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Risk In Teenagers – Why Do They Take Work, Driving And Life Risks? Explanations Here
KEEP Generation Y’s employers must keep them safe and healthy at work and take care of work-life balance and fun. This is a snapshot of how the current young generation thinks in general. This is due to the negative perceptions of Gen Y about how their baby boomers and Gen X parents suffer from job insecurity, layoffs, stress and high levels of job dissatisfaction.
Adolescence is undoubtedly the most difficult time in life. Getting used to adulthood is usually a painful change. Have you ever wondered why teenagers think and act the way they do? Why do they have a tendency to take risks, for example. Some recent research shows that there are concrete, scientific reasons for this. Some of these questions are becoming answered through the field of psychology, focusing on brain development during this life span.
This article seeks to uncover and demystify issues related to adolescent brain development so that adult members of society (and parents) can at least understand and address these issues, provide youth with the dignity and respect they deserve, and make the transition. into adulthood as painlessly as possible. This short article is followed by a series of condensed points on research-backed psychology in 2006. (Source: Glendon, pp. 137-150, full references at end.)
Notes and observations
Young people are generally better suited to late night shift work than mature adults, but not so well suited to dangerous occupations where risk avoidance is essential, as they may try to “blame” the risk and the danger may accidentally “bite” them. working on it. The “high road” of thinking is not well developed in young people, so why do we expect them to reason and analyze details well? They simply do not understand and deal with risk well. Careful, mature and sensitive supervision is critical.
Teenagers are often frustrated when they have to make decisions based on odds or risks, and tend to do “things” anyway. Young people need quality, close supervision and mentoring for special tasks. If they don’t, they get accidents and injuries.
Hormonal changes cause the majority of brain development problems and must be managed well into the mid-20s. The gender differences are clear – girls are 4-6 years ahead of boys until the end of their 20s. This fact presents a myriad of gender relationship problems.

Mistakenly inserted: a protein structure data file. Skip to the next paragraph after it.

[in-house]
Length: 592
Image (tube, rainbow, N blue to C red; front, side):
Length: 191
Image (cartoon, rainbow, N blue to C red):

Teenage novelty-seeking, sensation-seeking, and risk-taking can all be explained by brain development—it’s not just about personal choices.
When it comes to driving, it’s important that young drivers don’t want to ride in a car with more than one or two adults at a time. With everyone extra the accident risk of teenage passengers increases. The risk of crashing in curves is higher for young male drivers than for all other age and gender groups. Parents are critical role models for teenagers when it comes to driving behavior – especially same-sex parents. If the father behaves inappropriately on the road, the teenager is likely to repeat it. It’s the same for mothers and daughters.
In the work environment, we must not give young people more than one thing at a time; For most people, complicated work routines and procedures are a recipe for failure. Older workers tend to set the tone for workplace culture, and young people often just adapt to that culture. No matter how good safety systems are, if the culture allows young people to take risks, they will take them
It’s easy to think of young people as “sloppy and sloppy”, the truth is there’s not much they can do about how they’re “wired” and the developmental curve they’re on. The fact that they are unable to use effective thinking and decision-making in relation to risks and adults must be sensitively considered, as most teenagers are independent in nature; they want to be treated like adults. As adults, we should do as much as we reasonably can to keep them safe during the gap years, while honoring them in ways that show value to their ever-growing capacity to relate as adults.
© 2008 Steve J. Wickham. All rights reserved worldwide.
Bullets for the actual data in the (referenced) summary:
Glendon, I., Brain development in adolescence: some implications for risk-taking and injury liability Journal of Occupational Health and Safety: Australia and New Zealand2006, 22(2): 137-150.
 Jones, Joseph M. (1995) Affect as a process: A study of the centrality of affect in psychological life (By Joseph D. Lichtenberg, 268 pages, The Analytic Press, Hillsdale, New Jersey and London) pp. 62-63.
 Goodburn, Elizabeth A. and Ross, David A. (1995). “The picture of health: a review and annotated bibliography on the health of young people in developing countries.” Published by the World Health Organization and UNICEF. The World Health Organization defines “youth” from age 10-19 years.
 Longitudinal studies typically involve following a cohort group for 20-30 years, and they are clearly rarer in research circles compared to cross-sectional studies, because it is difficult to follow the same group of individuals for such a long time.
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